On 6 February, the European Parliament and Council reached a provisional deal on the EU’s Net-Zero Industry Act (NZIA). The regulation establishes a framework of measures for strengthening Europe’s net-zero technology products manufacturing ecosystem and aims at boosting the industrial deployment of net-zero technologies needed to achieve EU’s climate goals.
The NZIA aims to ease conditions for investing in green technologies, by simplifying permit-granting procedures and supporting strategic projects. It also proposes to ease market access for strategic technology products, enhance the skills of the European workforce in these sectors (notably through the launching of net-zero industry academies) and create a platform to coordinate EU action in this area.
The NZIA is an important step in creating the necessary ecosystem to boost the manufacturing of clean technologies.Jo Brouns, Flemish Minister for Economy, Innovation, Work, Social Economy and Agriculture
“Europe launched a pathway towards a cleaner and sustainable future for the European industry. Now the time is ripe for Europe to take back the lead on the global scene for clean technologies and to build a competitive, green, and job-creating industrial sector”, Jo Brouns, Flemish Minister for Economy, Innovation, Work, Social Economy and Agriculture commented on the deal.
Included in the NZIA provisions are manufacturers of aviation and maritime fuels who need to “further develop, produce and scale up sustainable alternative fuels in order to significantly contribute to the reduction of the transport sector’s greenhouse gas (GHG) emissions”. According to the provisional text, “The Union needs to ensure that the regulatory environment and support framework for producers of sustainable aviation and maritime alternative fuels technologies enables them to increase their production capacities across the full fuels value chain, from the collection and supply of feedstock to blending, including conversion and refining capacities.”
While commending the inclusion of sustainable aviation fuel (SAF) in NZIA, representatives of the European aviation industry, associations for airlines (A4E and ERA), airports (ACI Europe), civil aeronautics (ASD) and air navigation service providers (CANSO), are saying this is only the first step in developing a world leading SAF industry in Europe.
SAFs are a crucial component that will enable European aviation to accelerate its decarbonisation, in full alignment with the bloc’s ambitious climate agenda.Destination 2050 Alliance
“The inclusion of SAF in the NZIA is all the more timely following the release of the EU’s recommendation to update the 2040 climate targets”, the 5 associations, collaborating under the Destination 2050 Alliance, said. “The (…) new target expressly recognised the need to address barriers to SAF deployment at scale, giving the aviation sector priority access to feedstocks and putting incentives in place to close the price gap between SAF and conventional kerosene.”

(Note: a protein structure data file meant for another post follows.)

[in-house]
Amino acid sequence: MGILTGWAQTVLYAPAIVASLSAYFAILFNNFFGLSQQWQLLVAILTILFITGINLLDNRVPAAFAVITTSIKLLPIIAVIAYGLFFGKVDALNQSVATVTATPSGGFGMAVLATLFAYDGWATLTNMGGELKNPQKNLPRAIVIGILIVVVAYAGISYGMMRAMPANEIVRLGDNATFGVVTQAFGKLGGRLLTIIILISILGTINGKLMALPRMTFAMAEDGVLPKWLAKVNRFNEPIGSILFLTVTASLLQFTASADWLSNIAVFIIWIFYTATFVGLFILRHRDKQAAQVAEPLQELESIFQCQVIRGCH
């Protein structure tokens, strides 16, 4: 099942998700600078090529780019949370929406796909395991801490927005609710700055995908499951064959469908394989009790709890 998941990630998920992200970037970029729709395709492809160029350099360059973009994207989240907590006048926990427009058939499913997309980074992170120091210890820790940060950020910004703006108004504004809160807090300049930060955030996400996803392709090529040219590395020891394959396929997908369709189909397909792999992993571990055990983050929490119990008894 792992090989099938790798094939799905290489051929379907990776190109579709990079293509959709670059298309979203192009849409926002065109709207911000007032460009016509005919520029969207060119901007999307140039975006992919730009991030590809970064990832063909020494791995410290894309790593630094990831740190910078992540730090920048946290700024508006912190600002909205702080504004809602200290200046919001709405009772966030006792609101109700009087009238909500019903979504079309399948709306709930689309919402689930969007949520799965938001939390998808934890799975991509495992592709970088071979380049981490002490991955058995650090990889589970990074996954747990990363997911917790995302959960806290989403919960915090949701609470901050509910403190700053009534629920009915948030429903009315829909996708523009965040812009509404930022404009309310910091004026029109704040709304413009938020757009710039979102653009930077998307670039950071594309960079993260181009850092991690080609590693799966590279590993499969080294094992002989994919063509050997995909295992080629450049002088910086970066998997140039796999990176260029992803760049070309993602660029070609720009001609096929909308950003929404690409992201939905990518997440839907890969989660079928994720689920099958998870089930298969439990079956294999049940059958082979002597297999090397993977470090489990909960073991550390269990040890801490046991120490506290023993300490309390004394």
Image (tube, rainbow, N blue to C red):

The alliance points out that an “international race to become a SAF leader has started” and Europe needs to become a global leader in SAF production, but more incentives are needed to reach that goal. Among needed measures, the alliance proposes the extension of the SAF flexibility mechanism beyond 2034; the extension of the current 20 million allowances threshold and 2030 time-limit under the SAF allowances mechanisms; increased financial support for development of SAF, including through the Innovation Fund, as well as the simplification of the administrative procedure for accessing these funds.
Towards reaching a climate neutral aviation industry by 2050, last year, the EU approved the world’s largest SAF mandate, requiring fuel suppliers to ensure that jet fuel is increasingly green. Starting from 2025, at least 2% of aviation fuels used in the EU will have to be green, with the share increasing every five years. From 2030, at least 3% of jet fuels have to be green, 20% from 2035, 34% from 2040, 42% from 2045 and, finally, 70% from 2050.
The blending mandate covers biofuels, recycled carbon fuels and synthetic aviation fuels (e-fuels) in line with the Renewable Energy Directive, but excludes food and feed crops, supporting sustainability objectives. The law also stipulates specific proportions of the fuel mix that have to be synthetic, such as e-kerosene. From 2030, at least 1.2% of fuels need to be synthetic, 2% from 2032, 5% from 2035 and progressively reaching 35% from 2050.